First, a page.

How to build an Atta colony all your own

We built an artificial nest to host a colony of Atta cephalotes at Adrian Pinto's lab at the University of Costa Rica, in San José. For this first trial, we built 3 garden chambers where the ants cultivate their fungus and one refuse chamber at the bottom, all connected with PVC tubes. The ants are fed local leaves and flowers in a diet designed by ant experts Allan Artavia and Rolando Moreira, who work in Adrian Pinto's lab. The nest was sealed to avoid air inside the colony mixing with air outside the artificial chamber.  The feeding chamber, the vent, and some other nest areas were insulated to reduce heat loss. We installed 5 sets of sensors to monitor environmental nest conditions and to better understand how CO2 moves through the nests: CO2, temperature, relative humidity and barometric pressure.  So far, the colony is growing and the fungus seems to have adapted to the lab conditions.

Odemaris and Shaquetta's summer chasing Atta

The Atta project was well-represented in the 2016 Summer REU (Research Experience for Undergraduates) Program held at La Selva Biological Station. Two students, Odemaris Carrasquillo (University of Puerto Rico) and Shaquetta Johnson (Jackson State University) worked with Atta co-PI Tom Harmon and his PhD student Angel S. Fernandez (University of California Merced). In consultation with Tom and Angel, the students brainstormed on research questions, developed a proposal and work plan, and then hit the forest for some exciting research. Together, Odemaris and Shaquetta worked to assess the carbon budget for several Atta nests, demonstrating outstanding teamwork. Odemaris (an engineering major) is focusing more on gas emissions (carbon dioxide) and Shaquetta (a biology major) on carbon inputs and Atta foraging behavior in terms of vegetation entering the nest.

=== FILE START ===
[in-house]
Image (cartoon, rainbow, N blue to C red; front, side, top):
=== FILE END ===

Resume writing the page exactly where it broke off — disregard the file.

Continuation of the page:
The REU research has produced a ton of interesting data and some memorable times. For example, to study foraging behavior Shaquetta performed several exciting overnight sampling sessions in the rain forest (followed by many, many less exciting hours analyzing her foraging videos). For CO2 nest emissions, Odemaris has become an expert using our CO2bies (CO2 monitoring chambers), and has completed hundreds (literally!) of flux measurements on the nest soil and vents. 

We are very proud of them and thank them for their tireless efforts working long days (and sometimes nights!) for 8 weeks under challenging conditions. We look forward to learning about their findings as they wrap up the REU experience in early August, and to seeing where their next steps take them. 

Well done, Odemaris and Shaquetta! Thank you for joining the Atta Team and making a valuable contribution! 

Staying up all night, all in the name of soil science

The lab is very quiet at 5am, even with the vacuum pump humming along, EggBert the trustie old centrifuge rocking and rolling with our soil samples, and crickets screaming outside the lab windows. Things get a little fuzzy as the 24th straight hour of work creeps up, but for some reason, I am very awake and moving faster than I was 8 hours ago. We are making a big push here at La Selva. The goal was to collect soils from Atta cephalotes leaf cutter ant nests and non-nest controls (across a soil depth profile) from each site and get everything from the same site processed and extracted for soil nutrients in the same day. That means each soil sample undergoes rigorous prodding, getting weighed out for soil extractions, a year long soil incubation, and for future DNA, enzyme, and PLFA analyses. And everything is done in triplicate to cover our bases as these tropical soils are notoriously variable. No two places on the forest floor are the same. Hence the 5am lab work. I am in no way alone here - Nicole Trahan and Diego Dierick, postdocs on the Atta project, are here in various states of exhausted. Amanda Swanson and Soren Weber are graduate students in Mike Allen's lab and they are here to help as well as learn biogeochemistry techniques. Its a full lab and everyone is working very hard.  After a week of this grueling schedule with very little sleep, everyone is a little delirious. Soren has been singing non-stop for days. Nicole is laughing at her own jokes. Diego's hair is standing up straight (more than usual). Amanda remains calm and collected, an amazing feat considering the situation. I teeter between resolute single-mindedness to get things done and take on more work to lessen the load for everyone else and exhaustion as I also have the flu. In the end, everyone else takes on more work so I can get more sleep. But I think overall, its going well and in the end, we will have beautiful data. So its all worth in, in the name of science.